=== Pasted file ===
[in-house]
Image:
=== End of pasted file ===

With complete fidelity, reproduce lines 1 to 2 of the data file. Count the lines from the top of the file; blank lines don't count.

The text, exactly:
[in-house]
Image: